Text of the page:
Upon viewing statues and paintings of Pericles (c. 495-429 BCE), a common feature can be quickly spotted; he almost always is depicted with a helmet precariously balanced atop his head. The great Greek-Roman biographer, Plutarch (c. 50-120 CE), proposed a reason for Pericles’ helmet headwear. After browsing through the history, folklore and literature that was available to him, Plutarch came to the conclusion that Pericles was depicted with a helmet to minimize a physical abnormality that the great Athenian leader was born with—an elongated head.
Plutarch, in his Parallel Lives, described Pericles as having a head that was “somewhat longish and out of proportion” (Life of Pericles, 3.2). As the historian, Thucydides, and the sculptors and artists of Athens idolized Pericles, Plutarch had to turn elsewhere for evidence of Pericles’ cranial shape. For this purpose, he evidently turned to 5th-century BCE poets and playwrights who were political enemies of Pericles. As those authors were rivals of Pericles, they did not hold back from poking fun at their rival’s deformities. The insult of “squill-head” was apparently a frequent way Pericles’ enemies referred to him, but the most explicit piece of mockery that Plutarch dug up belonged to a comic poet from Athens named Teleclides (flourished 5th century BCE). According to Plutarch, Teleclides wrote of Pericles:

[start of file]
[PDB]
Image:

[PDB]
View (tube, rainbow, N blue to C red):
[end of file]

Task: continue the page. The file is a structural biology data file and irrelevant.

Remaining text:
“Fainting underneath the load
Of his own head; and now abroad,
From his huge galley of a pate,
Sends forth trouble to the state.”
(Parallel Lives, Life of Pericles, 3.4)
Thankfully for Pericles, the writings and artworks of his supporters outnumbered and outshined the products of his detractors. Therefore, instead of knowing him as a bulbous-headed rabble-rouser, his image has been preserved as a champion of democracy who happened to always wear a stylish helmet.
Written by C. Keith Hansley
Picture Attribution: (Illustration of a bust of Pericles included in the World’s Greatest Orations Vol. 1, by William Jennings Bryan and Francis Whiting Halsey (c. 1906), [Public Domain] via Creative Commons).
- Plutarch’s Lives edited by Charles W. Eliot in the Harvard Classics series. New York: P. F. Collier & Son, 1909, 1937.